This week, we numbered six: the host (Joe), Sam, Ben, Ian, Andy and me. Joe, Ian and myself were first to arrive and swiftly grabbed a one-round (and, surely, non-leaderboard) game of Tumblin’ Dice. This game got its debut recently at our NSPCC event (sadly unblogged, but Sam and I were too tired) and was a big hit.
For some reason, this game reminds me of the hang-gliding Monkey Target mini game in Super Monkey Ball. In Tumblin’ Dice, you flick a dice off a slightly raised platform and send it down the board, hopefully picking up multipliers as it does. Much like SMB’s flying, bouncing ball that you hope ends on a multiplier.
Super Monkey Ball: Monkey Target
Not during the game, alas. We're not that good.
It’s a huge success and endless fun. A dexterity game that even Andy likes. Is there any higher praise?
Anyway, like I said, it was only one round before other people arrived, but I’d like the record to show that I got twenty points with one die, and ended as the winner.
When all six of us were present, we played Team Play. Again, non-leaderboard, but who’s counting? The teams were me and Ian, Joe & Andy and Sam and Ben. I’ll be honest, I thought Ian and I had it sewn up. We were first to eight missions and nabbed a ninth mission card in the final round. Sam and Ben were nowhere to be seen when both got stuck, unable to complete their missions, but I hadn’t reckoned on Joe and Andy’s canny reliance on big scoring missions. The final count was:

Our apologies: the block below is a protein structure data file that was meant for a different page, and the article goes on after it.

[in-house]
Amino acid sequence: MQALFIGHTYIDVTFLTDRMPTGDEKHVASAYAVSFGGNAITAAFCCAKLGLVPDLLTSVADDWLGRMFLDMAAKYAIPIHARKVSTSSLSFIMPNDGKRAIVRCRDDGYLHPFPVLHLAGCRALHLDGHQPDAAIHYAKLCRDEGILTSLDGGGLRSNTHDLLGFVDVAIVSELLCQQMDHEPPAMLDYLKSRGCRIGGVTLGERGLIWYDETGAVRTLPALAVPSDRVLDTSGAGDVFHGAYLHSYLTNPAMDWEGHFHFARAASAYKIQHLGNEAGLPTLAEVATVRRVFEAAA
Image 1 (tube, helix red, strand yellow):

Joe and Andy 30
Andrew and Ian 28
Ben and Sam 23
The game did, at least, give us our blog title. When I triggered the game end with my eighth mission, Joe dolefully sighed “This is my last go,” sounding as if after this, he’d stop playing games completely. This prompted Sam to liken it to a Beckett play, which lead to the blog title.
After this we split into two groups of three. Sam, Joe and Ben played The Road To Canterbury. This game, recently blogged about, is all about selling fake pardons (as if there was such a thing as real pardons) to Pilgrims on the way to Canterbury.
Ian, Andy and I played Port Royal with a few extensions thrown in. Ian needed a rule refresher and, as with Russian Railroads, new rules are no barrier to Ian. Despite Andy leading for most of the game, Ian cashed in his relics at the last minute to take the win.
At this point, those on the road to Canterbury were still somewhere near Maidstone, so we got out Kodama. I find this game of tree growth quite relaxing and I sort of wafted through it quite happily.
Perhaps this sense of detachment was helped by Joe generously pouring me a shot of some Italian spirit which, apparently, contained myrrh. And, judging by the aftertaste, also quite a lot of aluminium.
Then Road to Canterbury ended, with the scores at:
And they started to play Can’t Stop, which I admit, I found rather distracting. Especially when Joe did crazy things like going bust when he rolled four ones, or deciding to do the entire six lane in one go and almost made it before he went bust with two sixes and two fours.
Kodama ended as
This photo is actually from the NSPCC evening.
And Can’t Stop finished
Now we were all together again we ended with For Sale. Joe is now duty bound to pick up the one card since he said that it was a viable strategy.
During this game, Ian told us how he’d drawn a sad face on his toaster, and now making toast made him really depressed. Not depressed enough to give up on winning, though.
And with that, we were done! And it all seemed so painless.